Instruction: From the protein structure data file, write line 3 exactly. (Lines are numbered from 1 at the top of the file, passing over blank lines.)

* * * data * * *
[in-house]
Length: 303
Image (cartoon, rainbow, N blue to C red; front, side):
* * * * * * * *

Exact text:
Image (cartoon, rainbow, N blue to C red; front, side):